Repeated use of integration by parts

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In an equivalence of integration problems language

Integration by parts can be used multiple times, i.e., the new integration that we obtain from an application of integration by parts can again be subjected to integration by parts. However, we need to make sure that we avoid the circular trap.

The typical repeated application of integration by parts looks like:

F(x)g(x) \to F'(x)\int g(x) \, dx \to F''(x) \int \int g(x) \, dx \, dx \to \dots

In words, we keep differentiating the part obtained by differentiation and keep integrating the part obtained by integration. Note that after k applications of the procedure, we would have a product of the k^{th} derivative of F and a k^{th} antiderivative of g.

How the expressions actually look

Case of integration by parts applied twice


\int F(x)g(x) \, dx

Suppose q is a function whose second derivative is g, so q'' = g. Then, we have:

\int F(x)g(x)\, dx = \int F(x)q''(x) \, dx = F(x)q'(x) - \int F'(x)q'(x) \, dx = F(x)q'(x) - [F'(x)q(x) - \int F''(x)q(x) \, dx]

Simplify, we get:

\int F(x)g(x)\, dx = F(x)q'(x) - F'(x)q(x) + \int F''(x)q(x) \, dx

Note once again the integrals are not equal. As we see here, the actual application of integration by parts will yield a number of other terms with alternating signs. What we are saying is that the original integration problem has been reduced to a new integration problem where one factor of the product has been repeatedly differentiated and the other factor has been repeatedly integrated.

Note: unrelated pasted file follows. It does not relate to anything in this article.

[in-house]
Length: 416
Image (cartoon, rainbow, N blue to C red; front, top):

Case of integration by parts applied k times


\int F(x)g(x) \, dx

Suppose q is a function whose k^{th} derivative is g, so q^{(k)} = g. Then, we have:

\int F(x)g(x)\, dx = \int F(x)q^{(k)}(x) \, dx = F(x)q^{(k-1)}(x) - \int F'(x)q^{(k-1)}(x) \, dx = \dots

After repeated application, we finally get:

\int F(x)g(x)\, dx = \sum_{i=0}^{k-1} (-1)^i F^{(i)}(x)q^{(k-1-i)}(x) + (-1)^k \int F^{(k)}(x)q(x) \, dx

In particular, there are k products outside the integral symbol, with a new one being added for every application of integration by parts.

Note that we need to do a total of k + 1 integrations: integrate g k times to get q, and then do the final integration in the expression on the right side.


Polynomial times trigonometric or exponential

When trying to integrate the product of a polynomial function of degree d and a trigonometric or exponential function, we need to apply integration by parts d times, taking the polynomial as the part to differentiate each time. The trigonometric or exponential piece ends up getting integrated a total of d + 1 times.